The band takes center stage, the fans surge forward and the sheer power of the crowd’s excitement amplifies the sound of their favorite songs — providing enough energy, in fact, to move a train.
It could happen in the Crowd Farm, a conceptual design by two graduate students at the Massachusetts Institute of Technology that seeks to milk the mechanical movement of hundreds or thousands of assembled people to produce electrical power.
In principal, a large-scale version of the setup could harness the collective energy of commuters bustling toward subway stations , shoppers marching through mega malls or fans dancing at a rock concert. Already, the students have shown how the simple act of sitting on a stool can generate enough power to turn on four LED lights.
James Graham and Thaddeus Jusczyk, graduate students at MIT’s School of Architecture and Planning in Cambridge, Mass., said they envision their Crowd Farm more as a learning tool than an efficient energy source, at least in the near future. Even so, the idea builds upon the emerging consensus that power generation in the coming decades will need to rely on sustainable resources, whether water, wind, the sun or our own bodies.
“We engage with the city in a very physical and bodily way, every day, even though people don’t really think about it like that,” Graham said. “Our project tries to make that connection visible through this balance between capturing and using energy.”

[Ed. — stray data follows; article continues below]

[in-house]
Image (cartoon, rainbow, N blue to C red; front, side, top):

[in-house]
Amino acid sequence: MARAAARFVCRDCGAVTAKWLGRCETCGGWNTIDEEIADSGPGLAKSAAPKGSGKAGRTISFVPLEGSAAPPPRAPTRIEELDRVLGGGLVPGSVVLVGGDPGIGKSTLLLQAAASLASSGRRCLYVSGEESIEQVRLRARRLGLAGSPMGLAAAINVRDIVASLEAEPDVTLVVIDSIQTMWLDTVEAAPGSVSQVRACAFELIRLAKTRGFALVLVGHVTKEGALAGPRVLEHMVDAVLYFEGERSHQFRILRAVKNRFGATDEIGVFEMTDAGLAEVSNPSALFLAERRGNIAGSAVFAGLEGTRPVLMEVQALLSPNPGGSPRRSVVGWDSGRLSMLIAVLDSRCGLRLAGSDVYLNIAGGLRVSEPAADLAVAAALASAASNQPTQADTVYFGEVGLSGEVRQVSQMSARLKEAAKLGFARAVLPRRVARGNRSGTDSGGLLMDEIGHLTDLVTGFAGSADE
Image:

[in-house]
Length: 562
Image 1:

Graham said moving to New York City on the day of the citywide blackout in 2003 and joining in the throng of pedestrians walking over the Williamsburg Bridge to Brooklyn inspired him to think about capturing the collective power of crowds.
Pacing in his apartment, he said, wouldn’t generate much power — each step would be just enough to light two 60 Watt light bulbs for a split second. But the aggregate power of 28,527 steps could power a moving passenger train for the same length of time. And a space shuttle launch? Graham and Jusczyk figured about 84 million strides should do the trick, leading one of their project reviewers to quip, “That’s one small step for man, eighty-four million, one-hundred sixty-two thousand, two hundred and three steps for mankind.”
The students’ proposal follows a long line of ideas in which human energy powers everything from bicycle lights to hand-crank radios. Researchers also have developed a variety of devices and surfaces, composed mainly of crystals or ceramics, that produce an electric charge when put under stress, a concept known as piezoelectricity.
The Crowd Farm concept relies on the related principle that mechanical movement can be converted into electricity, though on a larger scale in which the mechanics would be supplied by a spongy floor in which embedded blocks move under the weight of passing pedestrians. The conversion process itself could be handled by a generator that uses a rotating coil and electromagnets to produce an electric current from the mechanical movement.